Vermilion is just really, really disappointing

I’ve been doing a pretty good job of getting the very oldest titles off my TBR, especially since starting this project. There are a few dusty, more obscure ones I’ve had trouble tracking down and had to wait until the ol’ budget was flush enough to make an order. Vermilion is one of those. IContinue reading “Vermilion is just really, really disappointing”

‘Tram Car’ More Fun Than ‘Haunting’

The fact the main characters are bored with a haunted, semi-sentient, magically propelled tram car in 1910s Cairo is a pretty good indication of things to come in P. Djeli Clark’s The Hunting of Tram Car 015. This slim novella may be a little light in character development or narrative indulgence, but packs in aContinue reading “‘Tram Car’ More Fun Than ‘Haunting’”

‘Klara’ Shines like the Sun

There are many things Kazuo Ishiguro does brilliantly, but one he does perhaps most uniquely—especially as we move past the glut of thrillers using Gone Girl and/or The Woman On The Train as a comp title—is create a thoroughly unreliable narrator. Unlike the tipsy or mentally ill women who have largely come to define theContinue reading “‘Klara’ Shines like the Sun”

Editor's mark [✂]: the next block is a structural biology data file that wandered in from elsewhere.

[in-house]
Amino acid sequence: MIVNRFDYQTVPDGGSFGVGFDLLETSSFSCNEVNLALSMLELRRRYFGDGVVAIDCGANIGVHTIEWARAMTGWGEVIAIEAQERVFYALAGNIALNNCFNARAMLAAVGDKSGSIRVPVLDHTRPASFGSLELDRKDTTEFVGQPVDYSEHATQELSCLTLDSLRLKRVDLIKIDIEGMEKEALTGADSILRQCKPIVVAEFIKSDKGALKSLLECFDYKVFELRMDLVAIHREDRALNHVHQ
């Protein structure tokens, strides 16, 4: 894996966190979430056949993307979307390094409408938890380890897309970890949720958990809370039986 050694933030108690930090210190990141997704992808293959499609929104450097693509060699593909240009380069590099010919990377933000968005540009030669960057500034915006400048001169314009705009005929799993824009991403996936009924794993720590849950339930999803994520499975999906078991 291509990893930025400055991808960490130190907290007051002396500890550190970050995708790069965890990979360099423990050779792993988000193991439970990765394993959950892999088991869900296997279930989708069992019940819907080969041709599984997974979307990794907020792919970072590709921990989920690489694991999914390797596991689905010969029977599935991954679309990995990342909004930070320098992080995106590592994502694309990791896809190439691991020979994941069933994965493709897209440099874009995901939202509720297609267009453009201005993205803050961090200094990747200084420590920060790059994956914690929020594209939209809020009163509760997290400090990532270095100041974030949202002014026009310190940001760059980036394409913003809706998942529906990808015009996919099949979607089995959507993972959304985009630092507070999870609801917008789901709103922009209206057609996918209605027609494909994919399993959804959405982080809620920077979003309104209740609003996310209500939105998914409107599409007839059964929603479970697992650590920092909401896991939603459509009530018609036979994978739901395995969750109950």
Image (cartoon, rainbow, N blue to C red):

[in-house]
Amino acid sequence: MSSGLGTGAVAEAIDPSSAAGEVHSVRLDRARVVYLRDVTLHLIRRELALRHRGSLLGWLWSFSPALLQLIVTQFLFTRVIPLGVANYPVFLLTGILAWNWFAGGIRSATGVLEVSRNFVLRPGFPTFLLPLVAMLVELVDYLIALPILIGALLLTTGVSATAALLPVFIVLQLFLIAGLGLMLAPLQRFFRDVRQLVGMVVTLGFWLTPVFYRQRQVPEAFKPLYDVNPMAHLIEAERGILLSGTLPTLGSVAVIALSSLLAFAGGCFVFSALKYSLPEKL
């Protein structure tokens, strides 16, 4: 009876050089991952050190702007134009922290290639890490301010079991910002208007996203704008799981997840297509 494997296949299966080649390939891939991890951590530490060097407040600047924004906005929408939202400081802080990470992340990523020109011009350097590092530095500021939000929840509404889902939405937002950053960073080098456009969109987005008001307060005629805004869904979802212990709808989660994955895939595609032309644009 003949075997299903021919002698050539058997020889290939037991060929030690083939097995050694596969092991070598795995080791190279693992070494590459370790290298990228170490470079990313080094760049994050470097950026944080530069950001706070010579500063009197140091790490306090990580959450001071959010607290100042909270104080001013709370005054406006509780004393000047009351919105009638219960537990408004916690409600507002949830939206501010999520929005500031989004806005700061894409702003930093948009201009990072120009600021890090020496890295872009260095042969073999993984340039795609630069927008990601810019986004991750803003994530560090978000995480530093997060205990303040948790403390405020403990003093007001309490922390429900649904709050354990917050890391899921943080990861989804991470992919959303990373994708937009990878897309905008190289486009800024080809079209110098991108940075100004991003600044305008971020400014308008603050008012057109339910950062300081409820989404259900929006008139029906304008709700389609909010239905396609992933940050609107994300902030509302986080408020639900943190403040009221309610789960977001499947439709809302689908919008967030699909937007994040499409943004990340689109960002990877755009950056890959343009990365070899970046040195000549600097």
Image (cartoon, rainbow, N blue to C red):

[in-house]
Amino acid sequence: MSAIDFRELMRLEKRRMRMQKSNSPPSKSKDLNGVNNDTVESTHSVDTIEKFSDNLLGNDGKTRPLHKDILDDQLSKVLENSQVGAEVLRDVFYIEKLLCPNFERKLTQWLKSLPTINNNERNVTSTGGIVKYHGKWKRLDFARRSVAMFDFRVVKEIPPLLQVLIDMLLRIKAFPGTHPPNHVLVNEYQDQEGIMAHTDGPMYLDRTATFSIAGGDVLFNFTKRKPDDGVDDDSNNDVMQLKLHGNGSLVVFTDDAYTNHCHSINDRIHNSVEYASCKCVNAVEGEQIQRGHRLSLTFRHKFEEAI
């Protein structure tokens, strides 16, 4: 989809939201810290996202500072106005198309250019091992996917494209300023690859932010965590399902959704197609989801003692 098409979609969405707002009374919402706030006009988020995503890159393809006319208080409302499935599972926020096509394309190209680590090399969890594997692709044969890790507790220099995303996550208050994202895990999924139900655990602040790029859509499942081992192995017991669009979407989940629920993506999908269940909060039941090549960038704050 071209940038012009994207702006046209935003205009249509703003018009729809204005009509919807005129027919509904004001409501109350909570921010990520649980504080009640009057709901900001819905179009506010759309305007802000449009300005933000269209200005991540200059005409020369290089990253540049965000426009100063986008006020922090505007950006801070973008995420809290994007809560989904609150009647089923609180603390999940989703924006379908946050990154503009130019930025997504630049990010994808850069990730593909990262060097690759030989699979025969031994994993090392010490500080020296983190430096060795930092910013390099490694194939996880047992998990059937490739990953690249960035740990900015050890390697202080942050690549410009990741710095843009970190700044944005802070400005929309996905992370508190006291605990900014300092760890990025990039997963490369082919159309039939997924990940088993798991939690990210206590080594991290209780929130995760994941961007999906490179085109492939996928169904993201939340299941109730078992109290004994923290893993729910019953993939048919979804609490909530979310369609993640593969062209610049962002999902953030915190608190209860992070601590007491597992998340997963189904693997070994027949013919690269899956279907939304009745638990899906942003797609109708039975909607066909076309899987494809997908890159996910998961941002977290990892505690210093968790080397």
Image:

Macabre History is a Delight in ‘Monster’

When I told my husband the book I was reading was called Monster, She Wrote, he said, “You’re only reading that because it sounds like Murder, She Wrote,” and then proceeded to describe a whole horror-themed knockoff of the classic 1984-1996 series starring our absolute queen, Angela Lansbury. Which was completely insulting, because the Murder,Continue reading “Macabre History is a Delight in ‘Monster’”

A Two-for-One Take on ‘Ninth’s

The nice thing about being a little late to the game is that often the books I love already have sequels or the authors have otherwise published other work, so I can linger a little longer in the world or language than I would have if I had read them when the ink was stillContinue reading “A Two-for-One Take on ‘Ninth’s”

‘Space’ Does SciFi Proud

I’m not sure how much Michaiah Johnson knows about architecture, but if The Space Between Worlds is any indication, she sure can construct a plot. The debut novel has an immaculately constructed plot with parallels upon parallels to itself and real life—which, as it happens, you almost forget exists after being immersed in Johnson’s world.Continue reading “‘Space’ Does SciFi Proud”

‘Future’ Succeeds, Sort Of

Annalee Newitz is never short on a good concept. Their previous book, Autonomous, is all about androids and cyborgs and bootlegged prescription drugs and pirates. Their newest, The Future of Another Timeline, is packed with time travel and murder and political intrigue and wormholes. Despite the incredibly cool concepts in this book, though, reading Future feltContinue reading “‘Future’ Succeeds, Sort Of”

‘Terra-Two’ is a Dreamy Adventure

We as a species love space. We love stories about breaking the fragile bounds of Earth and venturing forth to see what lies in the lonely dark beyond. We’re fascinated with the idea of sitting in a tin can, far above the world. And we love imagining all the places and things the people whoContinue reading “‘Terra-Two’ is a Dreamy Adventure”